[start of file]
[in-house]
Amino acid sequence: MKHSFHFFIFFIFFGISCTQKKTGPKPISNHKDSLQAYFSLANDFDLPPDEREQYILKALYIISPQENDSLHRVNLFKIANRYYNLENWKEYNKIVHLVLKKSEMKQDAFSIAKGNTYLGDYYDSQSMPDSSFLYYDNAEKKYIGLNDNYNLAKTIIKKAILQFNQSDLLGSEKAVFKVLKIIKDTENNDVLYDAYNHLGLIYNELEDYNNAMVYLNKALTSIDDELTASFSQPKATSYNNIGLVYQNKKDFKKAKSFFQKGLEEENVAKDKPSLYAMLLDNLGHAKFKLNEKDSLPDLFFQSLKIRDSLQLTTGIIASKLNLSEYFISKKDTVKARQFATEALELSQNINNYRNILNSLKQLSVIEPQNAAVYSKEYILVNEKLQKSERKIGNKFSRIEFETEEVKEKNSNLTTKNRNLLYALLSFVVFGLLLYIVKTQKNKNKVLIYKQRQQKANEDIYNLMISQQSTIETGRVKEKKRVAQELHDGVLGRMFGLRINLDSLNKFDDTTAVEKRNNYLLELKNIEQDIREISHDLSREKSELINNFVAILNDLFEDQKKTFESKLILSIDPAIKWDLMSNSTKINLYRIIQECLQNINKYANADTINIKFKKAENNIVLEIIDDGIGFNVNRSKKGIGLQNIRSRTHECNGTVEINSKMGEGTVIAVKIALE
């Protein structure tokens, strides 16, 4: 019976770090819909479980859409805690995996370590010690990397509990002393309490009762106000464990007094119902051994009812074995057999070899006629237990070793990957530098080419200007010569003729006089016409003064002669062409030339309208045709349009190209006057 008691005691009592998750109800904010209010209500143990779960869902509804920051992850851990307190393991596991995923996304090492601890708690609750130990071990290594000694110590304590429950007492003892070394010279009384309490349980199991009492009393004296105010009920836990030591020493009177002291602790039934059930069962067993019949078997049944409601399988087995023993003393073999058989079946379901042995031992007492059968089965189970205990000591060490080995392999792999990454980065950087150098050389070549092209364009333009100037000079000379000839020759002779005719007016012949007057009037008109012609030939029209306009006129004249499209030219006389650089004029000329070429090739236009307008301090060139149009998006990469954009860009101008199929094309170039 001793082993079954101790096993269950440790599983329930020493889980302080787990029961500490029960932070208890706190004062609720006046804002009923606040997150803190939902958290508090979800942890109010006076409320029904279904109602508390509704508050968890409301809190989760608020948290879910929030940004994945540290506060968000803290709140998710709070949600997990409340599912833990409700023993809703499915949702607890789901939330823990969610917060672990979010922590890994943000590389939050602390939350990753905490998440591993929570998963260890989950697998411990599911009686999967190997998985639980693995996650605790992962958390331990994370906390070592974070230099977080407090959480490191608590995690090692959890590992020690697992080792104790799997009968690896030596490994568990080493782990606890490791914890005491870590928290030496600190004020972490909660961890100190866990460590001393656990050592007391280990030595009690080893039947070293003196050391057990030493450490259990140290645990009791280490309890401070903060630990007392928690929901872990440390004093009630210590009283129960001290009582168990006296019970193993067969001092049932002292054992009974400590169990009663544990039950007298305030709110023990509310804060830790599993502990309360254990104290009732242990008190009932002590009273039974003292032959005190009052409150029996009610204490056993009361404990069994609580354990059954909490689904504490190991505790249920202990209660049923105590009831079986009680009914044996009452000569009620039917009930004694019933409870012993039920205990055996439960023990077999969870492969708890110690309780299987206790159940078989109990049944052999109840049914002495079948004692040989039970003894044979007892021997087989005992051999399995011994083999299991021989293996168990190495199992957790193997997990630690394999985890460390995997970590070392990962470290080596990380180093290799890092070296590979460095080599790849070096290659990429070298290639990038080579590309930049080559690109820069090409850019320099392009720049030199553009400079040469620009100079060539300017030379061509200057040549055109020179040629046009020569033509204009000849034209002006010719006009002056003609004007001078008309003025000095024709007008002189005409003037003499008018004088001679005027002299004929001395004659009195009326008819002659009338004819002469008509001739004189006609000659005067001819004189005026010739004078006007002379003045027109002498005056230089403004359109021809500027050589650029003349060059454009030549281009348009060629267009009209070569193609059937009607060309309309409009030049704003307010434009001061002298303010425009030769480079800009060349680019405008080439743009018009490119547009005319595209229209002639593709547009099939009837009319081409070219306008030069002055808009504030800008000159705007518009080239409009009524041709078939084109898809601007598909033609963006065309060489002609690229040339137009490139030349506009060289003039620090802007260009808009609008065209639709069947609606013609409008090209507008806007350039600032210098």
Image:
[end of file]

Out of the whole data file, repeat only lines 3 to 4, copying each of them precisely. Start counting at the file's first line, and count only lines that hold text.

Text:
């Protein structure tokens, strides 16, 4: 019976770090819909479980859409805690995996370590010690990397509990002393309490009762106000464990007094119902051994009812074995057999070899006629237990070793990957530098080419200007010569003729006089016409003064002669062409030339309208045709349009190209006057 008691005691009592998750109800904010209010209500143990779960869902509804920051992850851990307190393991596991995923996304090492601890708690609750130990071990290594000694110590304590429950007492003892070394010279009384309490349980199991009492009393004296105010009920836990030591020493009177002291602790039934059930069962067993019949078997049944409601399988087995023993003393073999058989079946379901042995031992007492059968089965189970205990000591060490080995392999792999990454980065950087150098050389070549092209364009333009100037000079000379000839020759002779005719007016012949007057009037008109012609030939029209306009006129004249499209030219006389650089004029000329070429090739236009307008301090060139149009998006990469954009860009101008199929094309170039 001793082993079954101790096993269950440790599983329930020493889980302080787990029961500490029960932070208890706190004062609720006046804002009923606040997150803190939902958290508090979800942890109010006076409320029904279904109602508390509704508050968890409301809190989760608020948290879910929030940004994945540290506060968000803290709140998710709070949600997990409340599912833990409700023993809703499915949702607890789901939330823990969610917060672990979010922590890994943000590389939050602390939350990753905490998440591993929570998963260890989950697998411990599911009686999967190997998985639980693995996650605790992962958390331990994370906390070592974070230099977080407090959480490191608590995690090692959890590992020690697992080792104790799997009968690896030596490994568990080493782990606890490791914890005491870590928290030496600190004020972490909660961890100190866990460590001393656990050592007391280990030595009690080893039947070293003196050391057990030493450490259990140290645990009791280490309890401070903060630990007392928690929901872990440390004093009630210590009283129960001290009582168990006296019970193993067969001092049932002292054992009974400590169990009663544990039950007298305030709110023990509310804060830790599993502990309360254990104290009732242990008190009932002590009273039974003292032959005190009052409150029996009610204490056993009361404990069994609580354990059954909490689904504490190991505790249920202990209660049923105590009831079986009680009914044996009452000569009620039917009930004694019933409870012993039920205990055996439960023990077999969870492969708890110690309780299987206790159940078989109990049944052999109840049914002495079948004692040989039970003894044979007892021997087989005992051999399995011994083999299991021989293996168990190495199992957790193997997990630690394999985890460390995997970590070392990962470290080596990380180093290799890092070296590979460095080599790849070096290659990429070298290639990038080579590309930049080559690109820069090409850019320099392009720049030199553009400079040469620009100079060539300017030379061509200057040549055109020179040629046009020569033509204009000849034209002006010719006009002056003609004007001078008309003025000095024709007008002189005409003037003499008018004088001679005027002299004929001395004659009195009326008819002659009338004819002469008509001739004189006609000659005067001819004189005026010739004078006007002379003045027109002498005056230089403004359109021809500027050589650029003349060059454009030549281009348009060629267009009209070569193609059937009607060309309309409009030049704003307010434009001061002298303010425009030769480079800009060349680019405008080439743009018009490119547009005319595209229209002639593709547009099939009837009319081409070219306008030069002055808009504030800008000159705007518009080239409009009524041709078939084109898809601007598909033609963006065309060489002609690229040339137009490139030349506009060289003039620090802007260009808009609008065209639709069947609606013609409008090209507008806007350039600032210098």
Image: